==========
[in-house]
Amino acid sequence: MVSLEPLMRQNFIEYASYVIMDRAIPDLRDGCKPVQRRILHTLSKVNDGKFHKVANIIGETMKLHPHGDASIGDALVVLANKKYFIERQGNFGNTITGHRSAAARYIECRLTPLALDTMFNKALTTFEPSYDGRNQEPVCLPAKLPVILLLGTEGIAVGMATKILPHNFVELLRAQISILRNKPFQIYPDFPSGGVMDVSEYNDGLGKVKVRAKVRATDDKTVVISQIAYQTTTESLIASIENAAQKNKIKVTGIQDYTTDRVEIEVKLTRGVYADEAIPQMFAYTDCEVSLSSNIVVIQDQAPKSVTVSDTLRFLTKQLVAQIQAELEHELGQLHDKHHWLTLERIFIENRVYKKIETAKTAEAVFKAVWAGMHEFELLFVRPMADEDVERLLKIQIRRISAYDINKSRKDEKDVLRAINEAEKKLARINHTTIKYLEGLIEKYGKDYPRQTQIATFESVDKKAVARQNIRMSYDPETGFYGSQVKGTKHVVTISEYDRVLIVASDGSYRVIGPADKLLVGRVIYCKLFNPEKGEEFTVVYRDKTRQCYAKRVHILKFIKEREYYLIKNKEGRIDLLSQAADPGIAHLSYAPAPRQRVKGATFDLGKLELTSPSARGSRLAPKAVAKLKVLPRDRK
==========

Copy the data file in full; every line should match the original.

[in-house]
Amino acid sequence: MVSLEPLMRQNFIEYASYVIMDRAIPDLRDGCKPVQRRILHTLSKVNDGKFHKVANIIGETMKLHPHGDASIGDALVVLANKKYFIERQGNFGNTITGHRSAAARYIECRLTPLALDTMFNKALTTFEPSYDGRNQEPVCLPAKLPVILLLGTEGIAVGMATKILPHNFVELLRAQISILRNKPFQIYPDFPSGGVMDVSEYNDGLGKVKVRAKVRATDDKTVVISQIAYQTTTESLIASIENAAQKNKIKVTGIQDYTTDRVEIEVKLTRGVYADEAIPQMFAYTDCEVSLSSNIVVIQDQAPKSVTVSDTLRFLTKQLVAQIQAELEHELGQLHDKHHWLTLERIFIENRVYKKIETAKTAEAVFKAVWAGMHEFELLFVRPMADEDVERLLKIQIRRISAYDINKSRKDEKDVLRAINEAEKKLARINHTTIKYLEGLIEKYGKDYPRQTQIATFESVDKKAVARQNIRMSYDPETGFYGSQVKGTKHVVTISEYDRVLIVASDGSYRVIGPADKLLVGRVIYCKLFNPEKGEEFTVVYRDKTRQCYAKRVHILKFIKEREYYLIKNKEGRIDLLSQAADPGIAHLSYAPAPRQRVKGATFDLGKLELTSPSARGSRLAPKAVAKLKVLPRDRK